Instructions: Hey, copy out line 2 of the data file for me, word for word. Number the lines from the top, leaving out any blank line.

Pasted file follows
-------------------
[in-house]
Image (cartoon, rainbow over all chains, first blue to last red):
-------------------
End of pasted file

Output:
Image (cartoon, rainbow over all chains, first blue to last red):